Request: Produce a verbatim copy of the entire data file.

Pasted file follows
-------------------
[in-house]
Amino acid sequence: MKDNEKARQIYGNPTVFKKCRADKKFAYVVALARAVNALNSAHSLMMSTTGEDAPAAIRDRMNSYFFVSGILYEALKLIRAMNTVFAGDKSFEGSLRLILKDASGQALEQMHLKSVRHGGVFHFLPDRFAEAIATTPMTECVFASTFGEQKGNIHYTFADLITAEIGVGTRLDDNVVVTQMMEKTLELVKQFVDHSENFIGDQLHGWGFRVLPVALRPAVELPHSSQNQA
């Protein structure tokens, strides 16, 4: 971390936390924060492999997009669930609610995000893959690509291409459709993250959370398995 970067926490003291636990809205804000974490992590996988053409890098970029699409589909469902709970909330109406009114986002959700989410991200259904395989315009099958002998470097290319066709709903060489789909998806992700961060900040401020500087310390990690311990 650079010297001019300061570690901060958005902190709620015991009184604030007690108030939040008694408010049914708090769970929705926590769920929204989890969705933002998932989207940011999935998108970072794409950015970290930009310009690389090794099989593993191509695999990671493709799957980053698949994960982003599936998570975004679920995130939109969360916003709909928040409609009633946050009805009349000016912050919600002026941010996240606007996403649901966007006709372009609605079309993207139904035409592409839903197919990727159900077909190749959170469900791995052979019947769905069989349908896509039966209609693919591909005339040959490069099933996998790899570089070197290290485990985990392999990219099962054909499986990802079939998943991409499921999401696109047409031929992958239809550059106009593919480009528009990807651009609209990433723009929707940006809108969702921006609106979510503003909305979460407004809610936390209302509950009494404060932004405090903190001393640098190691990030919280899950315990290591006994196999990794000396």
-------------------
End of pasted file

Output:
[in-house]
Amino acid sequence: MKDNEKARQIYGNPTVFKKCRADKKFAYVVALARAVNALNSAHSLMMSTTGEDAPAAIRDRMNSYFFVSGILYEALKLIRAMNTVFAGDKSFEGSLRLILKDASGQALEQMHLKSVRHGGVFHFLPDRFAEAIATTPMTECVFASTFGEQKGNIHYTFADLITAEIGVGTRLDDNVVVTQMMEKTLELVKQFVDHSENFIGDQLHGWGFRVLPVALRPAVELPHSSQNQA
């Protein structure tokens, strides 16, 4: 971390936390924060492999997009669930609610995000893959690509291409459709993250959370398995 970067926490003291636990809205804000974490992590996988053409890098970029699409589909469902709970909330109406009114986002959700989410991200259904395989315009099958002998470097290319066709709903060489789909998806992700961060900040401020500087310390990690311990 650079010297001019300061570690901060958005902190709620015991009184604030007690108030939040008694408010049914708090769970929705926590769920929204989890969705933002998932989207940011999935998108970072794409950015970290930009310009690389090794099989593993191509695999990671493709799957980053698949994960982003599936998570975004679920995130939109969360916003709909928040409609009633946050009805009349000016912050919600002026941010996240606007996403649901966007006709372009609605079309993207139904035409592409839903197919990727159900077909190749959170469900791995052979019947769905069989349908896509039966209609693919591909005339040959490069099933996998790899570089070197290290485990985990392999990219099962054909499986990802079939998943991409499921999401696109047409031929992958239809550059106009593919480009528009990807651009609209990433723009929707940006809108969702921006609106979510503003909305979460407004809610936390209302509950009494404060932004405090903190001393640098190691990030919280899950315990290591006994196999990794000396």